Locally Advanced Non Small Cell Lung Cancer: The Case for Radiation Dose De-escalation in the Management of the Mediastinum

Locally Advanced Non Small Cell Lung Cancer: The Case for Radiation Dose De-escalation in the Management of the Mediastinum Viacheslav Soyfer1* and Benjamin W. Corn2 1Tel Aviv Medical Center, Tel Aviv University, Tel Aviv, Israel 2Shaare Zedek Medical Center, Hebrew University of Jerusalem, Jerusalem, Israel Outcomes for patients with locally-advanced Non Small Cell Lung Cancer (NSCLC) remain poor. In the context of definitive (as opposed to neoadjuvant) treatment, radiation oncologists have traditionally embraced dose escalation as a means to improve control of the primary tumor as well as draining nodal regions for this clinical problem. Yet we wonder: is it optimal—or even rational—to treat the primary and the mediastinal nodes to the same dose in these patients? Enthusiasm for dose escalation was fueled by RTOG 73-01, a randomized trial that systematically explored incremental increases of dose which were correlated with improved intra-thoracic disease control in nearly linear fashion (1). Although the trial has acquired landmark status, it may not be germane for today's patients since radiation alone was used. It is conceivable that in the absence of chemotherapy, higher doses of radiation were needed. However, even when 60 Gy was delivered, a survival advantage did not emerge. At this juncture, standard management is predicated on a multi-modality approach. The same cooperative group endeavored to push the dose envelope even further w...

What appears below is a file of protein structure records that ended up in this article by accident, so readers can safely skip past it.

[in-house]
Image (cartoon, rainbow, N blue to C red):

Source: Frontiers in Oncology - Category: Cancer & Oncology Source Type: research

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Source: Cirugia Espanola - Category: Surgery Source Type: research
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Source: Health Physics - Category: Radiology Tags: NOTES Source Type: research
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Source: Health Physics - Category: Radiology Tags: CORRESPONDENCE Source Type: research
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Source: Health Physics - Category: Radiology Tags: PAPERS Source Type: research
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Source: Revista Paulista de Pediatria - Category: Pediatrics Source Type: research
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Source: Revista Paulista de Pediatria - Category: Pediatrics Source Type: research
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Source: Pathology Research and Practice - Category: Pathology Source Type: research
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Source: Journal of Pediatric Orthopaedics B - Category: Orthopaedics Tags: Bone Tumours Source Type: research
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Source: Nursing Clinics of North America - Category: Nursing Authors: Source Type: research
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